||What do you do when the new issue of Interweave Crochet arrives on the bookstore shelf or, even better, right in your own mailbox? Do you thumb through it slowly, marking what you want to do? Do you gaze longingly at things you think you might be able to do, if only you were better at crocheting? Well, Toni shows you how you can be better at crocheting – one post stitch at a time.
Do cables send you scurrying to your LYS for the perfect yarn to work the exotically intricate cables? Or do you ooh and ahh over the picture, then flip quickly past the directions? Cables, which are showing up in a wide variety of crochet projects, are actually pretty easy. Grab a hook and a ball of yarn, and let’s practice.
Cables are created with a combination of front post stitches and back post stitches. Post stitches are made just like regular stitches, except instead of inserting the hook through both loops, insert the hook around the post of the stitch. For a front post double-crochet stitch (see figure 1), insert the hook from front to back to front and pull up a loop for the first part of the stitch. For a back post stitch (see figure 2), insert the hook from back to front to back and pull up a loop. Finish the stitch as usual and Ta Da! You have just created a post stitch.
Now, for a whole pattern with cables: Jodi Euchner’s cabled baby blanket, Sólás Caomh, from the Spring 2009 issue of Interweave Crochet. Cables are made by alternating rows of crossed stitches and rows of uncrossed stitches; sometimes the crossed stitches are a bit taller than the rest of the stitches in the row to keep the fabric from puckering as you create the cables. So you work triple crochet cable stitches over double crochets. Got it?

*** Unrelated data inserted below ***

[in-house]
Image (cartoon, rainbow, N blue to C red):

Still have your hook and yarn ball handy? Make some base stitches (I made 42 double crochets, then on the second row, I worked three regular doubles crochets through both loops). Now start the cables: Skip the next 3 double crochets and work a treble crochet around the front post of the next double crochet. Work a treble crochet around the front post of the next each of the next 2 double crochets (see Figure 3). Next, work a treble crochet in each of the skipped double crochets, beginning with the first skipped double crochet.
For a wider cable, repeat this six-stitch pattern. Sólás Caomh comes all equipped with a chart to show you what stitches to put where. Go ahead! Give it a try!
You’ll find more cable patterns with the Oxford Town Tote and Diamond Cabled Pullover from Fall 2008 issue and the Stone Path Hat from the Winter 2007 issue. Back issues are available in the Interweave Store.
CrochetMe, Interweave Crochet